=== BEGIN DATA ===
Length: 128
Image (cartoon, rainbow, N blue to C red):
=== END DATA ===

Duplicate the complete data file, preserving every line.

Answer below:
Length: 128
Image (cartoon, rainbow, N blue to C red):